[Interestingly, Mr Mangoma’s second arrest and incarceration coincided with important political processes going on in Parliament.  On 10th March the Supreme Court had unseated the Speaker of the House Assembly, Mr Lovemore Moyo, necessitating the election of a Speaker by members of the House and the fielding of rival ZANU-PF and MDC-T candidates for the post.  Mr Mangoma, in custody on this new allegation, was not able to attend the election which was held on 29th March, effectively decreasing MDC’s voting strength in Parliament.  In the event the MDC-T candidate, Mr Lovemore Moyo, won the election anyway.]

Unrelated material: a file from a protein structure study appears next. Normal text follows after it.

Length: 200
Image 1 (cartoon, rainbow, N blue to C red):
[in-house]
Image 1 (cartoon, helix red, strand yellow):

Bail application:  Mr Mangoma’s lawyer lodged a bail application on 29th March.  Justice Omerjee granted Mr Mangoma $5000 bail and ordered that the same bail conditions imposed by Justice Kudya should be maintained, with the only addition being that Mr Mangoma should surrender the title deeds to his house.  The State prosecutor had not totally opposed bail, but had asked for a condition that Mr Mangoma be barred from reporting for duty as the Minister of Energy and Power Development until the case was finalised, arguing that such a condition was needed to prevent the Minister from interfering with State witnesses.  The judge granted bail without that condition.